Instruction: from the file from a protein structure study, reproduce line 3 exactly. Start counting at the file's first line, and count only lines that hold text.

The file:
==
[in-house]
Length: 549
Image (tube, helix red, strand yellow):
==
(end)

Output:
Image (tube, helix red, strand yellow):